The Environmental Protection Agency said on Tuesday that it would move away from requiring the testing of potentially harmful chemicals on animals, a decision that was hailed by animal rights groups but criticized by environmentalists and researchers who said the practice was necessary to rigorously safeguard human health.
The E.P.A. Administrator Andrew Wheeler said the agency plans to reduce the amount of studies that involve mammal testing by 30 percent by 2025, and to eliminate the studies entirely by 2035, though some may still be approved on a case-by-case basis.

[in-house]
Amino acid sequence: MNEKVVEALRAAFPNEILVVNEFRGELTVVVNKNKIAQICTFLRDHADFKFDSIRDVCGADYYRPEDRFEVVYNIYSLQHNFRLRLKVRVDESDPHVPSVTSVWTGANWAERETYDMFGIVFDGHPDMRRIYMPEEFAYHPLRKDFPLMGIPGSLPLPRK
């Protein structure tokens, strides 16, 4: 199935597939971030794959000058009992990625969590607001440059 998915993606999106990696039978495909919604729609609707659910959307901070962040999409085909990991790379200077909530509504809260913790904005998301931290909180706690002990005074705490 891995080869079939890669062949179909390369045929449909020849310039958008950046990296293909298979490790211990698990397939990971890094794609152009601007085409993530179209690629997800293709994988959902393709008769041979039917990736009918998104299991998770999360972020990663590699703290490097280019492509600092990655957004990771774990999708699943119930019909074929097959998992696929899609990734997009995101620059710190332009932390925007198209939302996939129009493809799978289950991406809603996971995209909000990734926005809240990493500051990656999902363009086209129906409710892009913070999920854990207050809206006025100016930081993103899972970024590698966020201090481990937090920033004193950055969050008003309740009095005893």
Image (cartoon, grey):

The agency said it would also invest $4.25 million in projects at four universities and a medical center that are developing alternate ways of testing chemicals that do not involve animals.
“We can protect human health and the environment by using cutting-edge, ethically sound science in our decision-making that efficiently and cost-effectively evaluates potential effects without animal testing,” Mr. Wheeler said in a memo announcing the changes.